The most fulfilling aspect of this work is with the grantees. Every day, I’m given the chance to think about what would help them and increase their capacity to sustain their work. I get to interact with most of them around their organizational health as well as strategy. And it has an impact. In one state, for example, when one of the organizations was funded originally, they were in crisis. It was a terrible time, but now it’s a lot better; our grantee has grown tremendously. Now, we’re seeing the leaders who’ve come out of that state becoming police chiefs and such and having an impact on how policing impacts their town. As much as I love the donor table, those meetings will always pale in comparison to what we’ve witnessed in the field with our grantees.
I’m always surprised that some funders don’t understand the importance of having an infrastructure for the collaborative itself. Our advocacy collaborative has five full-time staff. That sounds like a lot, but we all agree that without staff with all that expertise, we wouldn’t get the amazing results we’ve gotten. I think funders who try to do this on the cheap find that donors and grantees don’t get what they need. On the funder side, the intermediary we use does deep due diligence work to help us figure out what groups to support, including groups that I wouldn’t have the time or reach to get to. On the grantee side, the intermediary provides all kinds of technical assistance and often serves as a bridge builder between the funders and non-funders. And because the staff aren’t grantmakers, they can have more honest conversations with grantees about how things are going.
Some funders, however, have a different point of view.
I don’t think every collaborative has to have staffing. You have to look at the goal of the collaborative. There are some funders who are happy with running their collaborative and doing it on the cheap. That’s not necessarily a bad way to go when funders may know exactly what they want to do and are comfortable with that. My personal feeling is that there’s room for all of it, but you have to figure out what you want to get out of it and make that happen.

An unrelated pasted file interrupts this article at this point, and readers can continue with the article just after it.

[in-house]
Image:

Other challenges to a staffed collaborative:
Stories From the Real World
Our advocacy collaborative’s grantees have always been concerned about losing contact with the donors when they receive money through an intermediary that’s staffing the collaborative instead of directly from the foundations. We’ve always had to explain to them that the added value to them outweighs the cost. They’re exposed to more foundations as a grantee in our collaborative than they would be to access foundations on their own. Expert staff are advocating for them, and they’re part of a cohort. We also provide capacity building of all kinds—like communications training and help—that are really important to grantees and that they might not get from a single foundation. Still, there’s concern that when funding is filtered through an intermediary, if you don’t fit, you’re out. Or, if you’re doing work outside of the focus of the fund, you’re out.
Whether a collaborative chooses to use staffing, consultants, an intermediary, or simply its members to work toward its goals, there are several models that seasoned advocacy collaborative grantmakers have watched play out. Some of the practices that have worked well include:
Please click here for information on GrantCraft’s methodology for this research.